I meant to write this post last week….or was it the week before that? Maybe it was last month. Well, you get the idea! In short, I am the occasional procrastinator. Fortunately, this challenge doesn’t afflict me too often but for many kids it is a habit they have fallen into. If your child is a frequent procrastinator or just tries out a little procrastination occasionally, we’ve got some tips that can get him or her back on track.
- Think about why all of us procrastinate. Sometimes it is because the job at hand is not fun or we have more exciting things to do. Other times a task seems too difficult or out of our comfort zone. Some of us may experience a little perfectionism. Maybe we wait to get started because we fear failure or even fear success may lead to higher expectations. Oh, and sometimes we procrastinate because we got away with it last time! Understanding what motivates your child’s actions may help you problem solve.
- Resist the urge to bail kids out when they procrastinate. When my daughter waited until the last moment to complete her science fair project, it took nearly all of my self-control to stick to our expectations that she do her project with only a little support from us as parents, that she do her research independently and that she keep her regular bedtime. She learned an important lesson about the stressful feeling that comes when you find yourself pushing to finish a project at the last minute. She also discovered that she can perform well under pressure!
- Offer choices when possible. “Do you want to start with your math homework or your reading first?”
- Know your priorities and stick to them. Don’t be afraid to have your child miss a favorite TV show or even a sports practice if procrastination is becoming a major problem.
- Be sure your expectations are developmentally appropriate. Expect your two year old to pick up her toys when she is done playing but don’t ask her to organize her book shelf. Expect more from older kids or kids that have had practice!
- Celebrate what they accomplish. If you’ve asked your child to pick up the play room, celebrate progress as it happens. Try not to walk in and comment on all of the toys that are still on the floor. Instead, tell them that you can see progress offer encouragement. Remember to avoid the pitfall of “re-doing” what your kids have just done when it comes to chores at home. If you ask your kids to fold laundry, be prepared to teach them how and be willing to accept their best. Don’t re-fold the clothes to your own standards as this can make a child feel even less excited to be helpful the next time you ask.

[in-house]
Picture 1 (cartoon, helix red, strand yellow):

- Help your child develop the skill of breaking a major task into manageable parts. If cleaning her bedroom is the challenge, perhaps she can start by putting books on the shelf, next put clothes in drawers, and finish by put ting toys in totes. An older child could write the tasks and check them off as they go. A younger child could do one task then come to their parent for a high five or hug and the next step. Another option is to set a timer for 15-30 minutes and encourage your child to work hard on the task for that length of time before taking a break. Then set another timer for the break and get back to work. As kids get older and have more practice they can have longer “on task” times and shorter breaks. Some kids will even forget to take a break after they’ve become engaged in the task at hand.
- Create a schedule that allows for tasks to be completed in a timely manner. If a big homework project is due, ask your child to estimate how long the project will take in total (guess a little high.) Next, set aside some smaller doses of time on the calendar so that he can focus on keeping ahead of the task. If there is time left over, use it for something fun!
- Be a good example. Perhaps the fact that I often wait until twenty minutes before guests are coming to frantically clean my house makes me unqualified to give this advice. However, when you find yourself procrastinating, talk about it in front of your child and problem solve so that they can learn with you as you improve.
- Teach your child good goal setting. Help them make goals that are realistic, specific, and motivating. When they have more than one thing to attend to, help them make a list of priorities. Congratulate your child when they meet goals. Point out how fun it is to have time left for fun when we don’t procrastinate. You may even let kids pick rewards for themselves for goals accomplished.
Remember, all kids occasionally struggle with a project or task so don’t panic if your child is procrastinating here or there. Be consistent and positive. I should probably stop writing for today. I have a long list of tasks to complete today and blogging is one of my favorites! When it comes to my advice on procrastination, do as I say, not as I do! 🙂
Heather DeWit, Director of Childcare and Education Services